Building an organ requires a variety of skills and, as I have found myself,
these require a little practice to make perfect. My Organ Building packages
describe, as well as I can, how to achieve a working organ, as you would
have seen there are test procedures throughout the building process which
should ensure immediate success.
Unfortunately not all the organs built have been as good as others. This
normally shows up when a builder who is happy with their organ hears another
identical one playing much better. By the very nature of the project there
are bound to be variations, but there is no reason why there should be wide
differences. Having now seen a lot of the organs that have been built,
and helping those with problems, I have put together this list of common
mistakes and causes of weakness:
First of all it is important to remember that the design as offered is a
fully tested and proven one. Many of the problems I have seen are caused
by modifications, in particular to the bellows and spill valves. I
can understand this as many of the builders are used to steam models and
by their nature have practical enquiring minds. Lets face it most of
us are well practiced at using a different material or method if we can not
put our hands on the specified part. Unfortunately an organ is like
a living thing and any one part not functioning correctly can upset everything
else, hence the testing procedures. Also once the organ is assembled it is
not at all easy to know where to start looking, especially if there is more
than one problem. Remember that a small leak on its own is insignificant
but many leaks are a disaster.
Remember that all wood is porous, some more so, and MDF can be dreadful.
You cannot detect air leaking through a porous board so it is essential to
seal it all just in case. What I recommend is to dismantle your organ
to its main components. You will now have a kit of all the ready-made parts,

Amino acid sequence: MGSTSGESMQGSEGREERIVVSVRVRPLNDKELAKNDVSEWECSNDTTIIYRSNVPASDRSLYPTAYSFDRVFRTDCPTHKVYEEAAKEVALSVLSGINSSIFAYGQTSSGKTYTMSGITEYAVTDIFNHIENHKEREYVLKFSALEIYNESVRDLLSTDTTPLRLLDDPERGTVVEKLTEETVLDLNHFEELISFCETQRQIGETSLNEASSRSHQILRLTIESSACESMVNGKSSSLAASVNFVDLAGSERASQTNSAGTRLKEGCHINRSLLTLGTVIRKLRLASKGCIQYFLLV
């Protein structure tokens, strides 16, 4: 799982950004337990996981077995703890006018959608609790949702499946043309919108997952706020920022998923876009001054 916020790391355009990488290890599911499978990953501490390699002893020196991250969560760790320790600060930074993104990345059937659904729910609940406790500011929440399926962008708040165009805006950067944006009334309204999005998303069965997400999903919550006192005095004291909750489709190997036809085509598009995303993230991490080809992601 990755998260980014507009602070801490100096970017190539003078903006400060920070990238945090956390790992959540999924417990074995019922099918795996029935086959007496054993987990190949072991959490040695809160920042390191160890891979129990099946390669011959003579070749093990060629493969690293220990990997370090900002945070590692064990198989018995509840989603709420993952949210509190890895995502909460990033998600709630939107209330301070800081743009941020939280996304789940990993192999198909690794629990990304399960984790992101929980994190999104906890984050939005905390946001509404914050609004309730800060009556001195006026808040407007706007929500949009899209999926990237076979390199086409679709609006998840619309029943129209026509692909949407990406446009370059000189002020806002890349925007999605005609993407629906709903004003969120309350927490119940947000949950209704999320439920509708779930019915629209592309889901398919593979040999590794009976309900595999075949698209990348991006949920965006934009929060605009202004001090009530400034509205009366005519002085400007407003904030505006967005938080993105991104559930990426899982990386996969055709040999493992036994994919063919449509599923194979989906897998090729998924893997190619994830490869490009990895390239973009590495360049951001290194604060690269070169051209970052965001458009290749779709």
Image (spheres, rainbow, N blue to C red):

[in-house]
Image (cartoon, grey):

which can easily be reassembled after testing.
Start with the Bellows. Follow the testing procedure given, Check each individual
feeder for air leaks, you may have to remove the reservoir to do this. Did
you use clamping board when gluing on the cloth? Make sure the valves are
built as shown and sealing fully. With the outlet holes blocked, each feeder
should be totally airtight. If the reservoir does not stay up under pressure
for a minimum of 5 seconds then find out why. Using blackout cloth I expect
mine to stay up for at least 10 seconds, and they do. Some common causes
of poor bellows performance I have seen are:
1. Cloth sticking out at corners, or not wrapped tightly around the hinge
2. Leather valves not lying flat, or fitted with springs or even with a ply
backing stuck on them.
3. Rough surface on board under bellows. If the ply is not smooth then
glue a piece of smooth card on it.
4. Valves in reservoir catching on side of box.
5. Spill valve leaking.
When you are sure that the bellows are up to spec they can be reconnected
to the pressure box. But for the time being with the outlet only feeding
into the water gauge. If you are fairly sure that your bellows were
OK to start with then only carry out the following checks before dismantling:
With the spring in place you should now check for correct operation
of the spill valve and spring tensions. The reservoir should only open the
specified distance before the spill valve opens. It is essential to use a
water gauge (a length of pvc tube stuck to the side of the organ will do).
With everything airtight, the Busker organ can be run on 5 to 6 inches WG.
It is not enough to simply set the maximum output to this amount, but now
spend time to make sure that pressure remains essentially stable over 90%
of the reservoir travel. The length and tension in the spring affect this.
Unfortunately my early plans showed a different size spring, or a large fold
back paper clip, both of these gave good results in my prototypes, but I
have now gained a little more experience. The correct spring should be made
from 2.5 mm diameter piano wire, as sold in model shops. This is folded round
a ½" bar one and a half times and with 3 ½" long arms. At rest
there should be 5 ½" inches span. The block on which this rests on the
bellows should be about 3 inches long and countersunk at ½" intervals
for adjustment. Fit one block on the reservoir lid at the extreme opening
end, and another under the pressure box. The blocks should be made
to give a gap between them of 3 1/4" with the reservoir closed. Make
sure that the spring is free to move in space over its total travel as you
fix the blocks in place. This arrangement should give a virtually constant
pressure over the range of the reservoir. Movement of the spring in the adjusting
holes should give from about 4 to 6 inches WG. Check that the spill valve
is not leaking and that the spring for it does not cause too much effect
on the WG when the bellows are just spilling out, which is the normal running
position of the reservoir. The bellows should provide a virtually constant
pressure over the full span of the reservoir with the spill valve having
no more than about ½" increase in this. Finally crank the bellows slowly,
at about 18 turns per minute the reservoir should stay inflated and you should
feel each bellow doing the same amount of work. It is only when the bellows
are performing as described that the pipes can be properly voiced and tuned.
When you have connected the tubing make sure that the bellows still
have full and free movement.